Return of the Condor

With wingspans approaching 10 feet and weighing as much as 25 pounds, California condors are the largest flying land birds in North America (both mute and trumpeter swans are heavier). In the 1980s, there were only 22 California condors left in the wild; the last few condors were captured and a captive-breeding program was launched in hopes of bringing the species back from the brink of extinction.

Between 1924 and 1996, if you had seen a California condor in Arizona, you would most likely have been in a zoo; none of these giant birds still lived free in a state where once they had been plentiful. In 1996, however, six captive-raised condors were released atop the Vermilion Cliffs (north of Grand Canyon National Park). Since then, between 6 and 10 birds have been released annually, and there are now more than 50 condors flying free over northern Arizona. In 2003, for the first time in more than a century, a pair of condors hatched and raised a chick, and since then, several more condor pairs have successfully raised offspring.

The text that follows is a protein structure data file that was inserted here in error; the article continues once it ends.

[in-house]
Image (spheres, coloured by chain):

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Condors are curious birds, and they are often attracted to human activity. Consequently, they are often seen in or near Grand Canyon Village on the South Rim. Look closely at their wings: if there’s a large number on the wing, it’s a captive-raised condor, but if there isn’t, it’s one of the handful of birds hatched in the wild in recent years.

One of the best places to spot condors is en route to the North Rim on House Rock Valley Rd., north of U.S. 98A between Lees Ferry and Jacob Lake. A few miles up this road, you’ll find interpretive plaques and a viewpoint from which you can see the condor release site, high atop the cliffs to the east. There’s also a small population in the West Canyon that sometimes fly out onto the grasslands near Grand Canyon Caverns. For more information on the condor-release program, visit the Peregrine Fund website (www.peregrinefund.org), which is the organization that administers the program.

Note: This information was accurate when it was published, but can change without notice. Please be sure to confirm all rates and details directly with the companies in question before planning your trip.